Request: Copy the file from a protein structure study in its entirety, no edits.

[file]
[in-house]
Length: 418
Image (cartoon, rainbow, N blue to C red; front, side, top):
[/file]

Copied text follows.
[in-house]
Length: 418
Image (cartoon, rainbow, N blue to C red; front, side, top):